In contrast, while weakening the pre-registration procedures, the Green Paper emphasizes the need to protect the registries from trademark disputes: "Infringers, rather than registrars, registries, and technical management bodies," according to the Green Paper, "should be liable from trademark infringement." While such a principle is indisputably valid, at the same time the rights of trademark owners should not be sacrificed in upholding that principle. Instituting a clearance procedure before registering a domain name would have a neutral effect upon registries and registrars while greatly aiding trademark owners.

Viacom recommends that the following guidelines are integral to any minimum clearance procedure and could be inexpensively and efficiently implemented:

Registries and registrars should be located in countries which are signatories to the Paris Convention.

Applications must include detailed identifying information, including applicant's name, state of incorporation or partnership (if applicable), address, telephone/facsimile numbers and e-mail address.

Applicants must agree to submit to jurisdiction concerning disputes related to the domain name in the countries where the applicant resides and where the root server is located.

Applications must include a statement of bona fide reason for using the domain name, e.g., the domain name is the applicant's name or trademark or a variation thereof.

Applications, including all the detailed identifying information included therein, must be posted within a week of receipt by the registrar on a publicly available, searchable website.

All registrars must use the same application and should post the application on one website shared by all registrars.

The central website for posting applications should be searchable across all registries. This website also should be updated as often as possible, preferably at least every 30 days, by each registrar.

A domain name should be suspended if a challenger seeks to serve notice of objection to the address provided in the application for the domain name and determines that the applicant is not at that location.

An application for a domain name that is identical to an active pre-existing registration on that registry will be rejected.

An application for a domain name which is identical to a prior registration except for the addition of punctuation (e.g., "-," or "_") or an "s" will be rejected.

An application for a domain name identical to a trademark registration with the trademark agency of either the domicile of the domain name applicant or the location of the registry will not be registered.

These elements are designed to provide bright line rules for certain minimum clearances. However, they should be viewed only as minimum necessary safeguards. They by no means solve all problems of the trademark owners. In many circumstances,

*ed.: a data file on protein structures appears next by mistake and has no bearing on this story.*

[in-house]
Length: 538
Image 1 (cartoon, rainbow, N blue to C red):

trademark owners will have to rely on judicial or administrative proceedings and the dispute resolution procedures created to protect their rights. However, these few additional safeguards will diminish the time, risks and expense trademark owners face in protecting their property on the Internet.


III. A "Famous Marks" Doctrine That Should Be Adopted For The Internet

In the physical world, the "famous marks" doctrine provides that there are certain marks that are so universally known that they should be protected in a jurisdiction even absent use or registration in that particular jurisdiction. The global nature of the Internet renders this doctrine particularly suitable for domain name registration. The new, not-for-profit corporation should maintain a centralized list of trademarks which cannot be registered by any third party on any of the gTLDs. Clear criteria for placement on that list should be created. Viacom suggests that a trademark be deemed "famous" upon proof of a certain number of trademark registrations worldwide for that trademark, for example, 30 registrations in a minimum of 10 countries.

This famous marks doctrine would protect universally recognized house brand names. It is difficult to conceive of a domain name applicant who would innocently seek registration of such a mark. Moreover, it is just such famous marks which are the primary targets of domain name infringers. Websites throughout the Internet offer domain names of renowned marks for sale, clearly recognizing the commercial value of such registrations. To include an easily implemented tool to protect against such registrations would be of significant assistance to trademark owners.

IV. Conclusion

For the reasons stated above, Viacom commends the Commerce Department for its efforts in attempting to balance the competing interests of the several communities of Internet users. As the owner of thousands of trademarks, however, Viacom is acutely concerned about any balance of competing interests which may unduly harm such owners. Accordingly, Viacom respectfully submits that the Commerce Department adopt the recommendations set forth herein in any plan emanating from the Green Paper proposal.


Respectfully submitted,


Michelena Hallie

Vice President, Senior Counsel/Intellectual Property


1515 Broadway

New York, NY 10036


Anne Lucey

Vice President, Regulatory Affairs


1501 M Street, N.W.

Suite 1100

Washington, D.C. 20005


March 23, 1998